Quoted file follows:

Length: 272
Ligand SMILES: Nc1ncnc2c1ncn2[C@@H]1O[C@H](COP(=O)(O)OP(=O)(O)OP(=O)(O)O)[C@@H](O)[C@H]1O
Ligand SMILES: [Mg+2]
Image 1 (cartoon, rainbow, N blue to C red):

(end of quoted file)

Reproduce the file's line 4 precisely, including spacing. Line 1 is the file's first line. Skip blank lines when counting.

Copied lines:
Image 1 (cartoon, rainbow, N blue to C red):